Some people join Second Life either knowing exactly what they want out of it, or soon finding out. There are people in SL who have been designing and selling clothes and accessories, building various objects, scripting, speculating in real estate, and more, ever since they started. They have often become people of some influence, and their skills have shaped what SL has become since its inception.
That's not me. I came into SL not knowing which end was up or what I wanted to do. I was just looking for a second, different, virtual life, whatever that might be. I imagine this is fairly common. Like many, at first I basically wanted to find my way around and have fun. Later, when I looked at my credit card statements and the amount of real currency of the realm I was bringing in world, I realized I wanted a job of some kind.
I have worked as a dancer, a stripper, a hostess, and a model, all pretty much low-skill jobs, none of which earned me many lira. I thought about building, scripting, and terraforming, but I soon realized that there were truly talented people in all those areas (such as my dear wife Patrice, a highly skilled terraformer and landscaper). If I worked hard enough at any of them, especially scripting (since I am a software developer in my first life), I might be able to compete, but they just didn't get me fired up enough to put in the effort. I do like to script from time to time, but it's mainly for my own use, although I have given away a few simple scripts.
Starting my counselling practice was the first step to a more focussed second life for me. Even though I am only a beginning counselling student, I have at least some instinct for it, and I think I've actually helped some people. They paid me anyway! As I've noted previously, it was counselling in SL that led me to becoming a counselling student in first life, which before too long—a test of my patience and persistence—will result in a career change. I'm still intrigued by how Second Life opened up possibilities for my first life that I'd never thought of.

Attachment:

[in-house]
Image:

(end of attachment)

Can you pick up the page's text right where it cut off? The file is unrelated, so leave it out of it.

The counselling biz has been rather slow for quite some time now. It might be because there are people in SL who do it for free, as well as trained clinical counsellors who have practices in SL. I get some activity at my notecard dispenser, but very few appointments.
I continued to look for a niche. I started modelling for Activ8, but it turned out that Activ8 wasn't really so much in the modelling business, and now is out entirely. I have ended up sometimes dancing and sometimes DJing at the Activ8 Club, and the pay is fair, but it has not proved to be a very good place for tips, at least not so far.
My modelling these days consists of doing occasional shoots for my friend Eloria LeShelle, who makes and sells cool clothing at her Battered Boutique shops. Those sessions are fun, and it's fun as well to see the results. I don't think I care enough about modelling to chase down the big agencies, although I might change my mind.
I started writing for PixelPulse Magazine. This was basically an outgrowth of my inveterate blogging. I checked out different SL-related publications, and PixelPulse was the one that really intrigued me. I didn't want to write for a joke publication. As well, Cheri Horton, the publisher, is a friend of my friend Cala, so I figured she was good people even before I met her. Writing for PixelPulse takes time and effort, but I'm proud of the results and proud of all the good writing that's around me in that magazine. And Twittering with Cheri and fellow staffers Lienna and Julian is extra fun.
I mentioned DJing at Activ8. I'm genuinely enthusiastic about DJing, and have been for some time. I talked to some people, got the right software, got more of the right software, ripped tons of stuff from our CD collection onto my rapidly shrinking disk, bought more tunes through legitimate channels (honest!), and went in search of gigs. I did some fill-ins at the Velvet, and then Push let me have Mondays. I love that gig! I have so much fun. A month of Mondays usually covers the rent and some shopping, which is really all I need. I did a substitute gig at Activ8, and I'd like to look for more of those. Because of time constraints, I don't want another regular weekly gig, but occasional club dates or parties would be fun.
Just as with counselling, DJing has had an influence on my first life, not quite as profound but interesting nonetheless. I'm now constantly searching for more material, both old and new. It's been especially exciting to discover new (or new-ish) material of which I had been unaware. I'm so happy to have found Bloc Party and the New Pornographers! Boy, I've been asleep for a while. Glad to have awakened.